Hydrocarbon plume still a mystery | PostIndependent.com

Hydrocarbon plume still a mystery

John Colson
Post Independent Staff
Glenwood Springs, CO Colorado

PARACHUTE, Colorado – A plume of unidentified liquid hydrocarbon compounds, found near Parachute Creek on March 8, continued on Friday to bedevil industry, state and federal attempts to identify the liquids and locate the source of a suspected pipeline leak.

Two weeks have passed since the plume was discovered by employees of the Williams Midstream energy company, who were preparing the ground for an expansion of the nearby Williams natural-gas processing plan.

According to a company spokeswoman, workers continue to dig around and under a network of pipelines in an effort to locate the source of the leak.

“The amount of hydrocarbon recovered each day continues to decrease,” according to a statement on the Williams company website.

The plume was found in a 40-foot right of way owned by Williams, across property that belongs to the WPX Energy company.

Both Williams Midstream and WPX were created last year when Williams Production RMT corporation was split apart, putting WPX in charge of drilling activities and Williams Midstream in charge of pipelines, tanks and other transport technologies.

The job of vacuuming up barrels of hydrocarbons and contaminated water has been left up to Williams, though the process is being monitored by officials from the Colorado Oil and Gas Conservation Commission (COGCC), the Colorado Department of Public Health and Environment (CDPHE) and the U.S. Environmental Protection Agency (EPA).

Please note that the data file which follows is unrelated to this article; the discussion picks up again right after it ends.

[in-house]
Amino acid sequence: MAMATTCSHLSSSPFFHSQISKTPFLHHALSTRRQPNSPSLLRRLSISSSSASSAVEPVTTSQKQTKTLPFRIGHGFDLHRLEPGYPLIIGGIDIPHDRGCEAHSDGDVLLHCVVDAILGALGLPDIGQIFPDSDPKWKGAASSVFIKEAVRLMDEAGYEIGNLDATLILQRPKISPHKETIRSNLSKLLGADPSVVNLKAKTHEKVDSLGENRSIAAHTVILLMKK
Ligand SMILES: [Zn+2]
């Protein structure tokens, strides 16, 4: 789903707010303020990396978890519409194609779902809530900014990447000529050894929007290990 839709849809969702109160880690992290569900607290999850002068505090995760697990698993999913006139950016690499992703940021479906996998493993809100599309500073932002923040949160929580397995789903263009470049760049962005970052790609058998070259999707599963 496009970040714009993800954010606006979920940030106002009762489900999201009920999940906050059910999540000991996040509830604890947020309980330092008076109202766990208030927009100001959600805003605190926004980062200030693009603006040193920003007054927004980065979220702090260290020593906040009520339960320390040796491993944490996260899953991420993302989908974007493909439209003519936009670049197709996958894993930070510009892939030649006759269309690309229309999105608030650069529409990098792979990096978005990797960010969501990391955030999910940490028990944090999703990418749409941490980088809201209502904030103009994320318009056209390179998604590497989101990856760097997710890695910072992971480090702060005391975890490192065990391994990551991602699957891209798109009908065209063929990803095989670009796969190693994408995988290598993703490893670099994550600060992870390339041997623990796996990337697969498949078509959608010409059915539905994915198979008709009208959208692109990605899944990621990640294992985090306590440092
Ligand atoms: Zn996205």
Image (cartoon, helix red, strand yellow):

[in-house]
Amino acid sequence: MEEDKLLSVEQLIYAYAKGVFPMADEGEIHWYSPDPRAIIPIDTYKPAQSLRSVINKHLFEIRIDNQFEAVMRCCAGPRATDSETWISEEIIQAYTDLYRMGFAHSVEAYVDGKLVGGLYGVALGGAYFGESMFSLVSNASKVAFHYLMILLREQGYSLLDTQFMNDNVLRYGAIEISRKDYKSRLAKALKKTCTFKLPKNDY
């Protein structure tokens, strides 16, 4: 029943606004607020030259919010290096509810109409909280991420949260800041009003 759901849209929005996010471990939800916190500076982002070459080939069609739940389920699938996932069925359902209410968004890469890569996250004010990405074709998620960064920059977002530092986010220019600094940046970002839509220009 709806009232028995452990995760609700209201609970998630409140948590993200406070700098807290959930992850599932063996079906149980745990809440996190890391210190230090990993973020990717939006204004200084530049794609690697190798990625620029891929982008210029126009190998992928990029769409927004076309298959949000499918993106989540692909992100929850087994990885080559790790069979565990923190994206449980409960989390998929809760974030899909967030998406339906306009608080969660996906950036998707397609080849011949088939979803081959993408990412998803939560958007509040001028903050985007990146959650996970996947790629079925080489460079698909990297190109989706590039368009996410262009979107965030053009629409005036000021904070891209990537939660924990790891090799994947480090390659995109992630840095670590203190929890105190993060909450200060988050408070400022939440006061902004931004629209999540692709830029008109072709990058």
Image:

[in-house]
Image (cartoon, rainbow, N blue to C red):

According to a statement issued on Friday by Williams spokeswoman Donna Gray, all that remains of the plume is “a sheen of hydrocarbon [no measurable amounts] and 24 barrels of water,” which is similar to conditions reported on Thursday.

Gray also reported that the total amount of hydrocarbons pumped from the ground comes to 143 barrels, or more than 6,000 gallons. The amount of water pumped up along with the hydrocarbons is roughly 2,700 barrels, Gray reported, which equals more than 110,000 gallons.

The hydrocarbon liquids and water are being kept in an off-site storage tank, according to a statement on the company’s website (www.williams.com).

The soil, according to the statement, is being taken to an off-site “containment” area until a disposal plan is put together.


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